The Cubs surprised many fans when they placed Jeff Samardzija and hair into the 2012 Opening Day rotation. Can the man known as the "Shark" keep surprising?
I'm not a big Jimmy Buffett fan. I've been to one of his shows, like 10 years ago, and I don't remember much. Like any show, what makes a good show great is the people you share the experience with, not the artist, and Jimmy Buffett fans, or Parrotheads, are some of the better concert-going people I've come across in my concert travels.
They get super drunk, they shoot tequila down your throat without warning, and they won't let you leave their side until you pose for more pictures than yours and their camera or phone can hold. But what's most endearing about Parrotheads is their feelings toward clothes.
They wear very little of them and feel no shame.
Jeff Samardzija is a starting pitcher for the Chicago Cubs. From what I know he's not a Parrothead and he likes to wear clothes. He is, however, nicknamed the "Shark," and I'm certain he's drank tequila at some point in his life. He also has some of the major's best hair (pictured above).
Coming into the 2012 season, Samardzija -- who made 75 appearances and pitched 85 innings out of the bullpen in 2011 -- wasn't even penciled into the Cubs' starting rotation. Considered a long shot to make the team as a fifth starter with veterans Ryan Dempster, Matt Garza and Paul Maholm filling up the first three spots and fellow starters Chris Volstad, Randy Wells, Travis Wood and Rodrigo Lopez competing for the final two, Samardzija took the ball and ran away from his competition, throwing so well in the spring that he earned the team's No. 3 starting spot. In his first start against the Nationals, he was one out away from a complete game, throwing 8.2 innings and giving up one earned run with eight strikeouts and no walks allowed.
From that point on, Cubs fans butchered his last name until the "Shark" became an acceptable alternative. A year after taming his competition from the bullpen, Samardzija was dominating his competition as a starter, finishing the year 9-13 with a 9.27 K/9 and a 2.89 BB/9 while positing a 3.81 ERA/3.55 FIP/3.38 xFIP.
Samardzija finished 48th on the ESPN Player Rater among starters, but that doesn't begin to show how dominate the 27-year old was in his first full season as a starter. A year after issuing 50 walks in 88 innings out of the pen (a BB/9 of 5.11), Samardzija nearly walked fewer batters in roughly double the number of innings, with 56 free passes in 174.2 innings. This remarkable turnaround was aided by a first pitch strike percentage increase to 60.2 percent and a SwStr% of 12.1 percent, the fifth best mark in the majors. Samardzija also had the eighth best Contact%, at 74.8 percent.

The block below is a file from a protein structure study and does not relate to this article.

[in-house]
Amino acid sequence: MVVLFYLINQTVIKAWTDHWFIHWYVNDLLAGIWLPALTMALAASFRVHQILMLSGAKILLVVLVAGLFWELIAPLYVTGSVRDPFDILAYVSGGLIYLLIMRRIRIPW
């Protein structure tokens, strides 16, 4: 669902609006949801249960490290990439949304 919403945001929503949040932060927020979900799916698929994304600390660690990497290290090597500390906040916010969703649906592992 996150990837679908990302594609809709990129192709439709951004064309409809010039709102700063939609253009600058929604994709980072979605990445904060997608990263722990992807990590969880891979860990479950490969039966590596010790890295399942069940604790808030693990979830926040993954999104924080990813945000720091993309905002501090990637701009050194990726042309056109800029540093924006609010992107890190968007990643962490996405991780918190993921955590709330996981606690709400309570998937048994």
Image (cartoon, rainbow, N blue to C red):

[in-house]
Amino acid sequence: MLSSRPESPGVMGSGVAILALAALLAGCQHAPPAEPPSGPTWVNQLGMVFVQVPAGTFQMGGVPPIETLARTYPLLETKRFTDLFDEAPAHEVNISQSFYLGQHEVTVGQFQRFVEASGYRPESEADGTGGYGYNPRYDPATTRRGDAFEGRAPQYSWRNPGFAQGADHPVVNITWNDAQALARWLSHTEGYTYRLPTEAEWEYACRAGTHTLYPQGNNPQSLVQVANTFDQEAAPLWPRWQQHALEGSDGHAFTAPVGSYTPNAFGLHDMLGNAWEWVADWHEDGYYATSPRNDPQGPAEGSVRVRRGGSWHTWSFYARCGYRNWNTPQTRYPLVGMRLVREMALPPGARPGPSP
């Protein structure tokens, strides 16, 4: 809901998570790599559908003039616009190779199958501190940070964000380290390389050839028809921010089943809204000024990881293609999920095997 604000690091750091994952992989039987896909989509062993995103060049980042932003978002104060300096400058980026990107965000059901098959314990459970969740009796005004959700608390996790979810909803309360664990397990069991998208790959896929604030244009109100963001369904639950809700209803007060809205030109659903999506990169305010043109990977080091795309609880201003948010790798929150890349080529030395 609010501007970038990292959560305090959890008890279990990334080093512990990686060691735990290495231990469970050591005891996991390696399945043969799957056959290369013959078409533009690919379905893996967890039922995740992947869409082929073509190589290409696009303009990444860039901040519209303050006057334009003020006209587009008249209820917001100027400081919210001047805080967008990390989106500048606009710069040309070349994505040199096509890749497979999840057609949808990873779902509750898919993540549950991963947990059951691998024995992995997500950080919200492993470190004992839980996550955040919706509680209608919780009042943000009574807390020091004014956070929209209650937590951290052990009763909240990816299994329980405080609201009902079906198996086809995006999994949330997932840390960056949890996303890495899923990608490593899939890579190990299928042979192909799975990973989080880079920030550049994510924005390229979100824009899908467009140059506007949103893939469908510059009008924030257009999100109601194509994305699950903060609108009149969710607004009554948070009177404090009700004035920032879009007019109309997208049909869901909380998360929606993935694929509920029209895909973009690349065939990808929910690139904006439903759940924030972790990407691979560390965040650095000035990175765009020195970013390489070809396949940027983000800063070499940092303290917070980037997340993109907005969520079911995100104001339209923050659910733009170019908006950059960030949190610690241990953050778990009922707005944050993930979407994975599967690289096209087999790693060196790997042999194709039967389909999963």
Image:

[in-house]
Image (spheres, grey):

Possibly the most surprising part of Samardzija's 2012 is the fact he threw a career high 174.2 innings and didn't hit any "innings wall." His previous high was 141.2 innings between High A and Double A back in 2007. Before 2012, the last time Samardzija pitched more than 120 innings was 2009. Stretched out as a starter, his fastball velocity actually increased to an average of 95.1 mph, the second highest fastball velocity in the majors behind only David Price, and he even gained velocity as the season progressed. There were no reports of injuries during the season I can remember, and Samardzija was shut down in early September strictly as a way to ensure one of the Cubs most important players was ready for a full workload in 2013.
Samardzija's split-fingered fastball is probably the best in baseball, and he used it a lot in 2012, producing a swing and miss 42.08 percent of the time while holding opposing batters to a .131 average. I don't see any reason why Samardzija's strikeout rate of 24.9 percent should fall off significantly, and a .296 BABIP and a 3.38 xFIP suggest his numbers can be even better in 2013.
Even with Garza coming back from injury, Samardzija is the Cubs pitcher you most want to own. Wins will be hard to come by on a team that lost 101 games last year, but he provides about as much upside, currently, as a guy like Matt Moore, who I profiled yesterday. I'd expect a slight drop off in strikeouts, but approaching 200 isn't out of the question if he gets close to 200 innings. If the wins are there, Samardzija could provide value as a top 20 pitcher that's going to be drafted outside of the top 100 players.